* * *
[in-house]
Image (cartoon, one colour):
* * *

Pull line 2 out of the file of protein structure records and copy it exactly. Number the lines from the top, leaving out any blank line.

Image (cartoon, one colour):